As we enter the new year, let’s reflect on how we can strive for personal and world peace. In his own quest for personal and world peace, Garry Davis, founder of the World Citizen Government, sought advice from two gurus who helped him to navigate his role as a private individual and as a world citizen. Viewing the world holistically was what helped Garry maintain a balance between his personal life and his public activism.
In 1948, Garry became world famous after giving up his US citizenship, camping on the steps of the United Nations in Paris, and protesting the war system with thought-leaders like Albert Camus. Garry spoke to vast crowds of war-weary Europeans about creating a better world with “we, the people” in charge.
The public’s desire for peace weighed heavy on Garry’s conscience. It was not always clear to him what path he should take as a world citizen. Having realized that the world was already one when he gave up his national citizenship, he turned to Eastern and Hindu philosophy to learn the philosophical underpinnings of viewing the world in a holistic way.
A few years later, in the 1950s, Garry would meet two gurus (wisdom givers or spiritual guides), one who would help him to handle the difficulty of fame and the other who would encourage him to continue his peace activism.
Both of Garry’s gurus were experts in the philosophy of Advaita Vedanta or non-dualism, which is the primary and oldest among the schools of Indian philosophy. This holistic philosophy involves a journey to understand the source of everything and the self, as well as the relationship between the two. It posits that the core of our own being is the self in all beings. Objects, plants, animals, people, etc. may appear separate, but we are actually connected through an awareness of the oneness of everything.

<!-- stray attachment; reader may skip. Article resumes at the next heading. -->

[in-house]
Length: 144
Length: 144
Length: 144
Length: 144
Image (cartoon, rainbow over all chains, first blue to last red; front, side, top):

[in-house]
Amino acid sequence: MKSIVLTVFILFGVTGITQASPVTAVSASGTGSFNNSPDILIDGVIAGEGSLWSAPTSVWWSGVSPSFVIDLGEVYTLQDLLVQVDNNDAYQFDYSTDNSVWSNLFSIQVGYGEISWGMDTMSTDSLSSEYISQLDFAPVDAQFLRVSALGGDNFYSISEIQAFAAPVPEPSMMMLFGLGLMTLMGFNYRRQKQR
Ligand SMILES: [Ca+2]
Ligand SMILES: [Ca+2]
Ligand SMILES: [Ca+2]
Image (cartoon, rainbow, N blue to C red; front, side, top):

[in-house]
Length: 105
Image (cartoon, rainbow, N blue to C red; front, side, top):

Garry’s gurus taught him to look at a problem, an issue, or concern, as a consequence of the entire system in which the problem arises. By viewing the world holistically, he could see all of the intricacies of a problem — the give and take, the polar opposites. He would then, his gurus explained, be able to transcend the problem and resolve it.
Garry’s first Guru was Harry Jakobsen in whose machine shop in New Jersey Garry worked for several months in 1952.
Garry and Harry would have long talks about holistic thinking and the state of the world. Garry was frustrated about the Korean War – frustrated that all his work to bring people together was no match for the national war machine. Garry asked Harry what he should do. Harry said, “Garry, you must continue to take action. If you see a problem in the world, you must take action to change it. If you change yourself, the world will follow. In other words, be the change you want to see in the world.”
Garry’s second Guru was Dr. Natarajan, also known as Nataraja Guru.
Garry voyaged to India to expand his learning of holistic thinking. Garry needed a break from constantly being in the spotlight, but he felt guilty for taking a break from his actions toward world peace. Garry asked Nataraja Guru about the guilt that he felt. Nataraja said to Garry, “Don’t worry, Garry. Let go. Put your mind at ease. Relax. Do nothing. The world and the universe will go on even if you are doing nothing.” This was a big solace to Garry who needed a break from the constant barrage of the press and years in the public eye.
So, Garry had two Gurus – one who told him to take action and one who told him to do nothing. They told him what they knew he needed to hear at that moment in his life. In the end, his concern for the world and humanity pulled Garry back into a life of action, continuing his role as World Citizen #1. His memoir My Country is the World and the documentary The World Is My Country recount further his experiences with the gurus.
Like his gurus before him, Garry would spend the rest of his life sharing his world citizenship wisdom. In countless speeches, conferences, seminars, newspaper and magazine articles, radio and television shows, podcasts, and his ten books, Garry advocated an ethical framework for governing our world. This holistic framework, he explained, could help us build a peaceful, just and sustainable world.
In the new year, let us seek to find repose within our minds along with the courage to build the world that Garry envisioned – a world in which humanity is united under the banner of world citizenship and world law.
Disclaimer: The views expressed in this blog post do not necessarily reflect the official policy of Citizens for Global Solutions.